Critical Review and Bibliography

"DARK CITY" (1998)


Dark City (1998)


Rufus Sewell - John Murdoch

Keifer Sutherland - Dr. Schreber

Jennifer Connelly - Anna Murdoch

William Hurt - Frank Bumstead

Richard O'Brien - Mr. Hand

Ian Richardson - Mr. Book

Colin Friels - Walenski

Bruce Spence - Mr. Wall

Melissa George - May


Director - Alex Proyas

Screenwriters - Alex Proyas, Lem Dobbs,

David S. Goyer

Cinematographer - Dariusz Wolski

Producers - Michael deLuca, Brian Witten

Producer/Special Effects - Andrew Mason

Composer - Trevor Jones

Designers - George Liddle, Patrick Tatopoulos

Costume Designer - Liz Keogh

Set Designer - Axel Bartz, Jenny Carseldine,

Judith Harvey, Sarah Light

Produced by - Mystery Clock Cinema (Australia)

Released by - New Line Cinema

Distributed by - Village Roadshow

"Dark City" was also titled:

"Dark Empire" (USA working title, 1997)

"Dark World" (USA working title, 1997)

"Dark City" was the 2nd highest grossing film of 1998, with box-office takings in Australia of $3,348,994.


Alex Proyas, Andrew Mason,

Rufus Sewell - Andrew Urban, Urban Cinefile.

Sourced 29/4/01

Alex Proyas and Andrew Mason - Michael Helms. "Dark City:

Interview with Andrew Mason and

Alex Proyas. Cinema Papers,

No. 124, May 1998. p.45.


Corliss, R. Dark City, A Ravishing Visual Trip to a Strange

Land. The Arts/Cinema: Short takes Time Magazine

March 2, 1998 Vol 151, No.8.

King, G. Dark City, August 1998, Melbourne, Australia

O'Regan, T. Australian National Cinema, Routledge, London, 1996.

O'Regan, T. and

Venkatasawmy, R. "Only one day at the beach", Metro no.117, 1998,

Pp 17-28 in Australian Cinema, Murdoch University

Reader, H231, 2001.

Smith, J. Dark City — An Australian Perspective, Oz Cinema,

Sept. 2nd, 1998.

Film On-Line

Interviews, reviews sourced from:

IMDB Website -

Urban Cinefile -

All Movie Guide -

Oz Cinema -

Greg King -

Material was sourced from the internet, from the Library Catalogue and subsequent research from Film Indexes and literature contained in the library — particularly the 791.430. section in South Wing Level 2. The H231 Australian Cinema website also was a source of information for databases and reference sources. The IMDB website provided 43 newspaper reviews on its Review Link. External reviews on the same site provide 118 reviews from other sources.


Dark City (1998)

Alex Proyas

John Murdoch (Rufus Sewell) wakes up in a bathtub in a hotel room. He has no memory of who he is and where he is. He discovers that he is the prime suspect in a series of brutal murders, but has no memory of his guilt or innocence. Separated from his wife, Anna (Jennifer Connelly), he becomes the object of interest to a scientist, Dr Schreber (Keifer Sutherland) and a sympathetic detective (William Hurt). In his attempts to find his memory and identity, Murdoch encounters a group of bizzarre beings, the Strangers, pale-faced and leather-clad. By focusing their minds collectively they are able to stop time and alter physical reality. These Strangers have taken over the city, using it as an artificial laboratory, trying to unlock the secrets of what makes us human. Murdoch's ability to "tune in" to the Strangers makes him dangerous to them. He tries to go to the seaside, to "Shell Beach", but he cannot leave the City. His psychic powers, however, eventually enable him to destroy the Strangers and to remake his world. He turns his city into an island in space, and invents a sunrise and "Shell Beach".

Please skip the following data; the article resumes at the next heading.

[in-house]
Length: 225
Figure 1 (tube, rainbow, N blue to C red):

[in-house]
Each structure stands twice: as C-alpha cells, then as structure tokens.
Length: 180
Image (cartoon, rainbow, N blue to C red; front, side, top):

Described variously as Mystery/Thriller/Science Fiction, "Dark City" inhabits a genre best described as "film noir/sci-fi", in the tradition of Ridley Scott's "Blade Runner", and the Wachowski brothers' "The Matrix". Depicting an urban landscape, stylistically it portrays several different eras. Cars, fashions, architecture are a pastiche set in perpetual nightime. "Dark City" is about memory — if we do not have any memories, do we exist? The fragmented quality of the implanted memories of the film's characters is echoed in the temporal and spatial disjunctions of the film's mise-en-scene, reinforced by the stylistic references to films of the past. The Strangers' white faces and long overcoats resemble the character in German exoressionist film - F.W.Murnau's "Nosferatu" and Fritz Lang's "Metropolis". The city itself is a concept which can be found in "Blade Runner", Gotham City ("Batman") — the morphing of the buildings and the camera angles at which they are filmed is reminiscent of Terry Gilliam's "Brazil". Jeunet and Caro's "The City Of Lost Children" and "Delicatessen" also depict a world that is abstract, a place of non-recognition that denies identity as either American, Australian or British. The hybrid nature of the cast contributes to the surreal quality of the film. Employing English (Ian Richardson, Rufus Sewell), American (Keifer Sutherland, William Hurt) and Australian actors (Colin Friels, Melissa George, Bruce Spence), the diversity of accents is complicated by the strange accent employed by Keifer Sutherland as Dr Schreber. Almost unanimously criticised for its mannerisms, his portrayal nevertheless adds to the fantastic abstraction of the film.

Embodying as it does questions of memory, perception, ambiguous reality and the existence of boundaries, "Dark City"comes into the category of an art film. However, with its references to horror films and its use of high tech visual spectacle, the film is embedded in a diverse cinematic culture.

"Dark City" was released to general critical acclaim. In 1999 it won the Academy of Science Fiction, Horror and Fantasy Film (U.S.A) Saturn Award for Best Science Fiction Film, Costume Design and Director. In the same year it won the Australian Film Critics Award for Best Original Screenplay, the Bram Stoker Award for Screenplay and the Pegasus Audience Award at the Brussels International Festival of Fantasy Film.

Most critical acclaim focused on the extraordinary special effects. Andrew Urban whilst in awe of Proyas' vision — " there exists a swirling pool of visions which are fantastic and splendid even if at times they are incomprehensible"-finds that Proyas needs to keep a tighter grip on story telling and characterisation.(Urban Cinefile,2001) Louise Keller applauds the mood " which settles and filters through the subconscious until we are immersed in this dark and mysterious world." Paul Fischer acknowledges that "Dark City" is a " feast of stylized images, blended together in a remarkable and original fusion," but reserves his criticism for the poor characterisation.(ibid) Greg King acclaims Proyas as a "filmmaker with a singularly exciting visual and visceral approach." He congratulates Proyas on the mood, sets and special effects, but "numerous gaps in the narrative and leaps of logic that are never satisfactorily explained" left him unsatisfied. Joshua Smith found the visual and narrative splendour absorbing and congratulates Proyas on behalf of Australia.